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Function of the seven parts:-
Alkylation with sulfuric acid catalyst works best at temperatures in the neighborhood of about forty degrees Fahrenheit. The olefin feed,a propane /propylene and/or butane/ butylenes stream comes from the cat cracker, or coker, but not the hydrocracker, which makes no olefins. The strean is mixed with isobutene and sulfuric acid and pumped through a chiller. The pressure is high enough to keep the mixture in liquid form. Sometimes the chilling is done right in the reactor. (Spivey 2000).
The reaction time for the alkylation process is relatively long, so the mixture is pumped through a large reactor. The reactor hold so much total volume that by the time the contents turn over once, the residence time of any one molecule is quite long, about twenty to twenty five minutes. As the liquid passes through the reactors, it encounters mixers to assure that olefins come in good contact with the isobutene and the acid catalyst, promoting the reaction.
The mixture then moves to the acid settler the acid and hydrocarbon s separate like oil and water. The hydrocarbon is drawn off the top; the acid is drawn off the bottom. The acid is then recycled back to the feed side.
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The hydro carbon from the acid separator will have some of acid in it, so it is treated with caustic soda in a vessel. Caustic soda does to the hydro carbon what Alka-Seltzer does to your stomach when you have ingestion- it neutralizes the acid. What is left in the alky plant is a mixture of hydrocarbons and some salts from the caustic treating, ready to be separated.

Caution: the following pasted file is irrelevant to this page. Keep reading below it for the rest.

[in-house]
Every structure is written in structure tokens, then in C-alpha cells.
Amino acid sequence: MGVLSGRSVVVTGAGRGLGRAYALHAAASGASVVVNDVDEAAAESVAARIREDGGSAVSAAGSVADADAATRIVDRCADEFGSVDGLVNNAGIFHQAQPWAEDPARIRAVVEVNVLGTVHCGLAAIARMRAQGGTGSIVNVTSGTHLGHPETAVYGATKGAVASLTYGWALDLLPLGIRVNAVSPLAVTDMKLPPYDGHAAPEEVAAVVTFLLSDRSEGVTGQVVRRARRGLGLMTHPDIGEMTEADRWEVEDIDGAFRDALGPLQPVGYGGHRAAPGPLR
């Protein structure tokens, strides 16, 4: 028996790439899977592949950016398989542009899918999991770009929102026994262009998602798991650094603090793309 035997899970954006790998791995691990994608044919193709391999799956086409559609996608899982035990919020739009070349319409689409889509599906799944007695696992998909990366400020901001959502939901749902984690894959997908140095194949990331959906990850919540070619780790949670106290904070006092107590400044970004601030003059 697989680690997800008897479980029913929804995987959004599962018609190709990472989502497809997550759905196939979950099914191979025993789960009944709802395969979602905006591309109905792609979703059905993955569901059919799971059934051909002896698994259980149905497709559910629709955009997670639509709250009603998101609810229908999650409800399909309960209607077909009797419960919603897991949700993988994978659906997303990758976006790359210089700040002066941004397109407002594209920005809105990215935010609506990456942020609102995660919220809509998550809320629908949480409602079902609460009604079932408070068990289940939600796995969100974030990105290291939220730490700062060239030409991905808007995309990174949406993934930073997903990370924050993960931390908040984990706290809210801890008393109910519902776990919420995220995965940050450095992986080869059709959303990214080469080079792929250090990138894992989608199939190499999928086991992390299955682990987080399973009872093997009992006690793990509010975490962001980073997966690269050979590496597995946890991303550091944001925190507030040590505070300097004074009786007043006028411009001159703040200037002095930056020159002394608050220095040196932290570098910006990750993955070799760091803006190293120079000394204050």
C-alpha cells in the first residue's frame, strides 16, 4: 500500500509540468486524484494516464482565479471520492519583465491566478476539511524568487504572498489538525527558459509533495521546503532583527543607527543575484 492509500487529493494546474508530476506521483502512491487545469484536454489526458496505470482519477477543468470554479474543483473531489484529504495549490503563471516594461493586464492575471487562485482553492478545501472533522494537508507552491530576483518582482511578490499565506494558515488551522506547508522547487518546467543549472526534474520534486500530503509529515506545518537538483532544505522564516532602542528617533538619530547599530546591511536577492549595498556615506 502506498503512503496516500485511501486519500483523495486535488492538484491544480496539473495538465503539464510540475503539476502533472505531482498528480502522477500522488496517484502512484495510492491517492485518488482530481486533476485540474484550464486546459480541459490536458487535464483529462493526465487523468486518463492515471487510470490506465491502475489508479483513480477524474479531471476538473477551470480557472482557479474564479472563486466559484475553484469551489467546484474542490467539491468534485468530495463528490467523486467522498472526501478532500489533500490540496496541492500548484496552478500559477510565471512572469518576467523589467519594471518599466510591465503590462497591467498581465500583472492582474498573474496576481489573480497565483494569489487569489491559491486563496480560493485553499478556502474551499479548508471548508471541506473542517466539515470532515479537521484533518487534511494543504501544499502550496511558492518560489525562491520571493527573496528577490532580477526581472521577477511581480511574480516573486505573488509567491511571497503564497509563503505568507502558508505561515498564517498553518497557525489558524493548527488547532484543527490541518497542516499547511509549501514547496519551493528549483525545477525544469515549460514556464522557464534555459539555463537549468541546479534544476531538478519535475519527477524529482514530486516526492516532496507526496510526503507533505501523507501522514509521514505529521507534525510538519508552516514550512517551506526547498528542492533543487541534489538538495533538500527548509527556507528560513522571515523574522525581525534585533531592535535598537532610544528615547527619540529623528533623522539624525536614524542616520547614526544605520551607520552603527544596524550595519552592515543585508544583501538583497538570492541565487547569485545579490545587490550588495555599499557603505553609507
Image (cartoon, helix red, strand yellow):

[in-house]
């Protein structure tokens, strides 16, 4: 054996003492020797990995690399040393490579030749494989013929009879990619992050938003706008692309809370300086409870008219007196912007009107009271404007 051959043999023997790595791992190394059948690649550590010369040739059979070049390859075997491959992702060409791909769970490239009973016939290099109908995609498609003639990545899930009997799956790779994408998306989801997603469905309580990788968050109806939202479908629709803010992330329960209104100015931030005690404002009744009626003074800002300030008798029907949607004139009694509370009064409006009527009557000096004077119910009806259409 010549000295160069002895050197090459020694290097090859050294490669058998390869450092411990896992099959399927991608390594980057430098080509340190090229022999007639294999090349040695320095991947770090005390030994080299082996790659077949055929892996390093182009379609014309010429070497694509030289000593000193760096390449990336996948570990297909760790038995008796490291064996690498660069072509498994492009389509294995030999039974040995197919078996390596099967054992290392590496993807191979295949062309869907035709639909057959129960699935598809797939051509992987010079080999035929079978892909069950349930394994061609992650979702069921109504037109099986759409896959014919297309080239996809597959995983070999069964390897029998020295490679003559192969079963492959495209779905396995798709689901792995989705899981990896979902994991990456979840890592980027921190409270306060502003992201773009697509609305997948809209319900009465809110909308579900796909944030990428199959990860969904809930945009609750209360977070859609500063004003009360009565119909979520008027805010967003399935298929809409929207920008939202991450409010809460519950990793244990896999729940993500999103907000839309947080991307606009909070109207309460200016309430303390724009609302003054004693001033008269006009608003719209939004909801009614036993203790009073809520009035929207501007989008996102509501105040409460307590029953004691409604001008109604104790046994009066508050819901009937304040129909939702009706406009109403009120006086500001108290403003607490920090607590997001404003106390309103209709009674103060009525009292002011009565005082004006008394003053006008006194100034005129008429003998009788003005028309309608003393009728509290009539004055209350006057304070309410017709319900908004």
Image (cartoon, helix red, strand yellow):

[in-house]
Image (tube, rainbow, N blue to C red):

Three standard fractionators separate the alkylate and saturated gases. Any un reacted isobutane is recycled to the feed.
During the alkylation process, a number of side reactions occur, some of which are more or less undesirable. Because there a lot of molecules forming and reacting, there are small amounts of propane, butane, and pentane formed, which are not too bad; but a small amount of tar forms, as well as a thick, brownish oil containing a mixture of complex hydrocarbons. The molecules are so heavy they usually build up in the ac id and exit the scene when the acid is sent back to the supplier for regeneration. (Smith 2005).
The alky plant manager has to watch a number of key variables to keep too man y side reactions from occurring that could cause the quality of the alkylate to deteriorate, as evidenced by such things as lower octane number, poor color, and high vapor pressure.
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Temperatures too low cause the sulfuric acid to get syrupy. That inhibits complete mixing and the olefins do not completely react. High temperatures cause compounds other than isoheptane and isooctane to occur, lowering the alkylate quality.
As the acid circulates through the process, it gets diluted with water that inevitably comes in with the olefins, and it also picks up tar. As the acid concentration goes from 99% down to about 89 %, it is drawn off and sent back to the acid supplier for refortifying.
Propylene and butylenes are very reactive, particularly in the presence of the ac id catalyst. They will react with each other as well as with isobutene. For that reason, excess isobutene is mixed in, as much as 10 times the amount needed for the reaction. That way the propylene and butylenes are 10 times as likely to react with isobutene as with each other.
Olefin space velocity
The length of time the fresh olefin feed resides in the reactor causes alkylate quality to vary.
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Smith R (2009) Chemical Process: Design and Integration 2 Sub edition Wiley Publishers.
Spivey J (2000) Catalysis: Are view of chemical literature: vol 15 Mac-Graw Hill publisher.